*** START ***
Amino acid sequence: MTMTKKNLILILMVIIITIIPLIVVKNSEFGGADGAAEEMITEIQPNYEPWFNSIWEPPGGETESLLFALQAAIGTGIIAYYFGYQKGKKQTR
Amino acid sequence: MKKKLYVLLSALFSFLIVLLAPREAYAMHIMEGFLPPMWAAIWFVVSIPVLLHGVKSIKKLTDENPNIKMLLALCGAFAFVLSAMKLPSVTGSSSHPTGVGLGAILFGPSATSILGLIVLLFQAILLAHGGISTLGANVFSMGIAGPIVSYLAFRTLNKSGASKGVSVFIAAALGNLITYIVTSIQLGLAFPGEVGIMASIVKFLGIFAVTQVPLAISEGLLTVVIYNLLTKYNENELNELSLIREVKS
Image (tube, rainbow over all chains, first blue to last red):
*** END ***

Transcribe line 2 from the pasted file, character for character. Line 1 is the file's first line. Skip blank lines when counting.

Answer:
Amino acid sequence: MKKKLYVLLSALFSFLIVLLAPREAYAMHIMEGFLPPMWAAIWFVVSIPVLLHGVKSIKKLTDENPNIKMLLALCGAFAFVLSAMKLPSVTGSSSHPTGVGLGAILFGPSATSILGLIVLLFQAILLAHGGISTLGANVFSMGIAGPIVSYLAFRTLNKSGASKGVSVFIAAALGNLITYIVTSIQLGLAFPGEVGIMASIVKFLGIFAVTQVPLAISEGLLTVVIYNLLTKYNENELNELSLIREVKS